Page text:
“Delivering full-leverage loans has become a challenge,” says Dustin Dulin, managing director in the capital markets platform of real estate services firm JLL. “It is not as easy to underwrite the deals… Back in 2015, almost every deal underwrote cleanly.”

The change is carving a hole in the budgets of borrowers who need to buy or refinance apartment properties. To fill the gap, borrowers have to come up with more equity, often either from their own balance sheets or from new equity partners. Eventually, higher interest rates are expected to get in the way of transactions—though that hasn’t happened yet.

​“Competition from mid-size banks and alternative lenders is making lending rates attractive, historically speaking,” says Justin Bakst, director of capital markets with research firm CoStar Group. CONTINUE READING


May 29, 2018| By Alcanna Lloyd| Original Content of HousingWire News

​Perhaps underperforming income growth and rising unemployment would suggest low home prices, but Las Vegas is the most overvalued housing market in the nation, a new report for Fitch Ratings says.

Fitch Ratings Managing Director Grant bailey explained that although Las Vegas’s price to rent remains lower than buying a home and the population is growing, home prices still have overshot economic fundamentals, according to an articleby Samantha Sharf for Forbes.

The Forbes shows Las Vegas’s ranking as the most overvalued housing market in the nation can be attributed to the relationship between growing populations, low unemployment rates and technology driven markets.

In a sign of the times, five of the five most overvalued places in America are located in the western half of the country. Why? All the overvalued markets show strong fundamentals such as a fast-growing population or low unemployment rate typically associated with hot, tech-driven markets found out west.

 These support some level home price growth. But the momentum has gotten ahead of itself, says Bailey, leading to higher home prices than the underlying economy would suggest. Meanwhile, Fitch sees some cheaper Midwestern markets like Cleveland and Detroit, as well as some pricey but high-earning cities like New York... CONTINUE READING


May 23, 2018| By Caroline Basile | Original Content of CoStar News

Montgomery was confirmed as FHA commissioner on Wednesday by a vote in the Senate of 74 to 23.

Yesterday, while speaking at the Mortgage Bankers Association’s Commercial/Multifamily Servicing and Technology Conference, a senior advisor for the Department of Housing and Urban Development's Multifamily Housing Programs Robert Iber said he was told that a full Senate vote on Montgomery’s nomination is expected this week. Well, now that's here. 

The vote came six months after the Senate Banking, Housing, and Urban Affairs Committee approved Montgomery’s nomination to lead the FHA. This will be Montgomery's second time to serve as FHA commissioner. He previously held the job under former President George W. Bush, staying on for six months after former President Barack Obama's inauguration.

In addition to previously serving in the position of assistant secretary for Housing and FHA commissioner at HUD, Montgomery also held a handful of other top positions throughout the government and housing industry, including co-founder and partner at the Collingwood Group, deputy assistant to the president and cabinet secretary, board member on the Federal Housing Finance Board, the Housing and Economic Recovery Act of 2008 Oversight Board, and NeighborWorks America Board.Shortly after the confirmation announcement, HUD Secretary Ben Carson tweeted a photo of him calling Montgomery to congratulate him on his confirmation.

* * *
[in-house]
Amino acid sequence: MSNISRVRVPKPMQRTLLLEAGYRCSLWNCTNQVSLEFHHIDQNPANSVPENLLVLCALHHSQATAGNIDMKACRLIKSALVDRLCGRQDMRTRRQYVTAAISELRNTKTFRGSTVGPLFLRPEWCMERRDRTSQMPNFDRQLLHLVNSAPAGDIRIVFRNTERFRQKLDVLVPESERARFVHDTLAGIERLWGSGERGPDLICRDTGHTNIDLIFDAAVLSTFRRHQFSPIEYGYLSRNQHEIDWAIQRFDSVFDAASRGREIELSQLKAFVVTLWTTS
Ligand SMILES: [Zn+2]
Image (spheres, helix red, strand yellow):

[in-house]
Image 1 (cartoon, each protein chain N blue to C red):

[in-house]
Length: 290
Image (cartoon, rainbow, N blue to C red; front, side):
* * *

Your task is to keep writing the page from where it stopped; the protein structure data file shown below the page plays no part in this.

Brian brings a wealth of housing knowledge and experience to HUD having held this position in two previous administrations, and we are excited to welcome him back to the Agency,” Carson said in a statement provided by HUD.CONTINUE READING


May 23, 2018| By Mark Heschmeyer | Original Content of CoStar News

The U.S. House of Representatives passed legislation Tuesday offering regulatory relief for a range of banking organizations, lifting strict lending rules on thousands of small and medium-sized banks that had been adopted as part of the 2010 Dodd-Frank law enacted in the wake of the previous financial meltdown.

The compromise measure passed the House with one of the largest levels of bipartisan support in recent memory, 258-159, approving the regulatory rollback legislation passed by the Senate earlier this year and handing a legislative win to President Trump, who is expected to sign the bill sponsored by Senator Mike Crapo (R-ID) into law.

While the bill leaves some of the Dodd-Frank regulatory measures in place, it loosens many of the rules covering much of the banking system. The legislation will leave fewer than 10 big U.S. banks subject to stricter federal oversight, while freeing thousands of banks with less than $250 billion in assets from the post-crisis regulations.

While the act includes significant reforms to bank commercial real estate lending rules, the actual impact on real estate lending may be limited in scope, industry observers said.

Most significantly for banks that make real estate acquisition, development or construction loans, the measure narrows the definition of lenders' exposure to "high volatility...


May 24, 2018| By Molly Armbrister | Original Content of CoStar News

As any mother of a graduating senior will tell you, it all happens in the blink of an eye.

One minute you have a scrappy burrito joint on a corner near the University of Denver, and before you know it, the $12 billion fast-casual restaurant concept you helped spawn is off to sunny California to be with its new CEO.

But Denver will always have its memories, as well as its 77 Colorado Chipotle locations.